Carolyn Hax: True. But this is something a parent can -try-, not do unilaterally. Even though a parent of a first-grader can invite other kids along, the first-graders themselves are old enough to choose not to mix, so it has to be done with the child's cooperation. Otherwise there's the potential for nightmare play dates.
Why do you ignore adoption?: Carolyn, I love you and think you're both a great writer and a great advice-giver, but ...
I don't understand why you constantly act as if adoption doesn't exist. Today you wrote that age is something "women in particular who want to have children have to consider." Women who only want BIOLOGICAL children have to consider age, but women of 40 or 50 or 60 can still adopt, something you ignored.
You do this a lot: Someone will write in talking about their problems conceiving, and you'll offer an answer that doesn't say a word about adoption. Why?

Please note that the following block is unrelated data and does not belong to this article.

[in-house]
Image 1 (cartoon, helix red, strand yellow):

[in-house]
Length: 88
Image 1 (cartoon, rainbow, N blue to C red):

Carolyn Hax: If I were talking solely of biological children, I would have said women; not "women in particular." It's women and men, because adoption options do narrow as people age, and because being an older (and older and older) parent brings other limitations when it comes to raising kids; and, it's women when it comes to bearing children. My answer was an umbrella meant to catch all the facets of having children--bearing, adopting, raising.
I.e., it was written in such a way as to inoculate me against accusations of omitting or ignoring some aspect of the situation. Ah well.
Hyattsville MD: Hi Caroline,
How do I go about forgiving my mother who died a month ago but who never appreciated me. All my life she favored my brothers ( am the only surviving daughter) No matter what I did all credits went to my brothers.. she willed everything to them. Just you know I do not recall anytime in my life I ever offended her.